#HRD18 – Putting OD at the Heart of HR – Lesley Swarbrick- Time Inc
We star with an interactive session, dividing into groups based on which of the following four topics we feel drawn to:
- Discuss what Organisation Development means to you
- HR practitioners shouldn’t do Organisational Development
- Organisation Development is best done by external experts
- Organisational Development and HR is a match made in heaven
There are many ways to ‘do’ OD; sometimes you need to bring somebody external in, sometimes it works brilliantly well to develop your own OD team, but Lesley believes HR people are at their most effective when they do their work with an OD lens. To borrow Edgar Scheins’s definition, OD is about ensuring that the organisation is healthy. OD allows us to gather data in a quantitive way (surreys) and in a dialogical approach (talking with people).
Not long after Lesley joined Time Inc, they launched 59 workstreams (badged ‘Lets’s Talk’) to transform the organisation, and the organisational culture. The change was significant, including relocations, offshoring, restructures, and the implementation of key systems.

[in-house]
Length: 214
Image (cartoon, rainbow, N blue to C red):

Loads of techniques were used, including making use of open space, and fishbowl sessions:
— Lara Plaxton (@_Lara_HR) February 6, 2018
Telling the story was vital, and they defined 6 chapters with a consistent narrative so that the story could be told to leaders at all levels (for instance, one of the chapters is all about heritage and how Time Inc came to be the organisation it is today). This extended story-telling led to the bringing together of disparate groups with the opportunity to share. They applied Lencioni’s 5 dysfunctions model, using it to reinforce the importance of vulnerability and this led to a lot of really valuable conversations.
The next steps in Time Inc are to put OD at the heart of everything they do as this is a people thing.
This was live-blogged during a session at the HRD Summit 2018 – I’ve tried to capture a faithful summary of the highlights for me but my own bias, views – and the odd typo – might well creep in. I’ve also curated the story of the session as told through the tweets of the attendees (you might need to tap ‘load more tweets’ to see the full story):